The IMSL_CORR1D function computes the discrete correlation of two one-dimensional arrays.

This routine requires an IDL Advanced Math and Stats license. For more information, contact your sales or technical support representative.

The IMSL_CORR1D function computes the discrete correlation of two sequences x and y. If only one argument is passed, then IMSL_CORR1D computes the discrete correlation of x and x.

More precisely, let n be the length of x and y. If PERIODIC is set, then nz = n, otherwise nz is set to the smallest whole number, nz2n – 1, of the form:

The arrays x and y are then zero-padded to a length nz. Then, we compute:

where the index on x is interpreted as a positive number between 0 and nz – 1.

The technique used to compute the zi’s is based on the fact that the (complex discrete) Fourier transform maps correlation into multiplication. Thus, the Fourier transform of z is given by:

where the following equation is true:

Thus, the technique used here to compute the correlation is to take the discrete Fourier transform of x and the conjugate of the discrete Fourier transform of y, multiply the results together component-wise, and then take the inverse transform of this product. It is very important to make sure that nz is the product of small primes if the keyword PERIODIC is selected. If nz is the product of small primes, then the

computational effort will be proportional to nzlog (nz). If PERIODIC is not set, then a good value is chosen for nz so that the Fourier transforms are efficient and nz ≥ 2n – 1. This will mean that both vectors may be padded with zeros.

If x and y are not complex, then no complex transforms of x or y are taken, since a real transforms can simulate the complex transform above. Such a strategy is six times faster and requires less space than when using the complex transform.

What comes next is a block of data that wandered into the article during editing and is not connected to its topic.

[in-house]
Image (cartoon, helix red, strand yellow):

This example computes a periodic correlation between two distinct signals x and y. We have 100 equally spaced points on the interval [0, 2π] and f1 (x) = sin (x). We define x and y as follows:

Note that the maximum value of z (the correlation of x with y) occurs at i = 25, which corresponds to the offset.

n = 100
t = 2*!DPI*FINDGEN(n)/(n-1)
x = SIN(t)
y = SIN(t+!dpi/2)
; Define the signals and compute the norms of the signals. 
xnorm = IMSL_NORM(x)
ynorm = IMSL_NORM(y)
z = IMSL_CORR1D(x, y, /Periodic)/(xnorm*ynorm)
; Compute periodic correlation, and find the largest normalized
; element of the result.
max_z = (SORT(z))(N_ELEMENTS(z)-1) 
PRINT, max_z, z(max_z)

IDL prints:

25	1.00


Result = IMSL_CORR1D(x[, y] [, PERIODIC=value])

Return Value

A one-dimensional array containing the discrete convolution of x and x, or x and y if y is supplied.



One-dimensional array.

y (optional)

One-dimensional array.


PERIODIC (optional)

If present and nonzero, then a circular convolution is computed.

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